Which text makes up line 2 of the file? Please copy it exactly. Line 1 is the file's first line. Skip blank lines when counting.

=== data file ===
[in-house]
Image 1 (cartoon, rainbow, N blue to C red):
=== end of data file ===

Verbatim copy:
Image 1 (cartoon, rainbow, N blue to C red):